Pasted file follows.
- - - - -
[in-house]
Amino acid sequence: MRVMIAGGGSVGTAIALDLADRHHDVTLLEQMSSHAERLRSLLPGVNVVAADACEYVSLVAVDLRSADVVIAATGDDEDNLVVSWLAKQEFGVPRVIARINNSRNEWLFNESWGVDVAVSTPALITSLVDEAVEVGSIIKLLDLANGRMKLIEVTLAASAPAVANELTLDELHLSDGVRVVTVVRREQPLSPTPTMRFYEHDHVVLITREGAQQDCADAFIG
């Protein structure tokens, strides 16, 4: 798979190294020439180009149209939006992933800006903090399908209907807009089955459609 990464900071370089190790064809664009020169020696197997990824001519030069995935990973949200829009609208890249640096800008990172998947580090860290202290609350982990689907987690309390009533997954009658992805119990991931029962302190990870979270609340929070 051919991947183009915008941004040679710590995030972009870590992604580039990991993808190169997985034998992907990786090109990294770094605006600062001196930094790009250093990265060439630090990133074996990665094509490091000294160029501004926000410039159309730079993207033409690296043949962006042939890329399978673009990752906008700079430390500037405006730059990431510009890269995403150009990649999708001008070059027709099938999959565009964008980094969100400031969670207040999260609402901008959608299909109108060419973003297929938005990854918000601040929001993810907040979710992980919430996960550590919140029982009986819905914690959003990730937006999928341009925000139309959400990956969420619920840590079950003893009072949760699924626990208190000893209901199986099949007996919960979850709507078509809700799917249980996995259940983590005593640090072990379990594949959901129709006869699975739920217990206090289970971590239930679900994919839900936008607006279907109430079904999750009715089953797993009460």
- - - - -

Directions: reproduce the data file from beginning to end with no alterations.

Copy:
[in-house]
Amino acid sequence: MRVMIAGGGSVGTAIALDLADRHHDVTLLEQMSSHAERLRSLLPGVNVVAADACEYVSLVAVDLRSADVVIAATGDDEDNLVVSWLAKQEFGVPRVIARINNSRNEWLFNESWGVDVAVSTPALITSLVDEAVEVGSIIKLLDLANGRMKLIEVTLAASAPAVANELTLDELHLSDGVRVVTVVRREQPLSPTPTMRFYEHDHVVLITREGAQQDCADAFIG
């Protein structure tokens, strides 16, 4: 798979190294020439180009149209939006992933800006903090399908209907807009089955459609 990464900071370089190790064809664009020169020696197997990824001519030069995935990973949200829009609208890249640096800008990172998947580090860290202290609350982990689907987690309390009533997954009658992805119990991931029962302190990870979270609340929070 051919991947183009915008941004040679710590995030972009870590992604580039990991993808190169997985034998992907990786090109990294770094605006600062001196930094790009250093990265060439630090990133074996990665094509490091000294160029501004926000410039159309730079993207033409690296043949962006042939890329399978673009990752906008700079430390500037405006730059990431510009890269995403150009990649999708001008070059027709099938999959565009964008980094969100400031969670207040999260609402901008959608299909109108060419973003297929938005990854918000601040929001993810907040979710992980919430996960550590919140029982009986819905914690959003990730937006999928341009925000139309959400990956969420619920840590079950003893009072949760699924626990208190000893209901199986099949007996919960979850709507078509809700799917249980996995259940983590005593640090072990379990594949959901129709006869699975739920217990206090289970971590239930679900994919839900936008607006279907109430079904999750009715089953797993009460």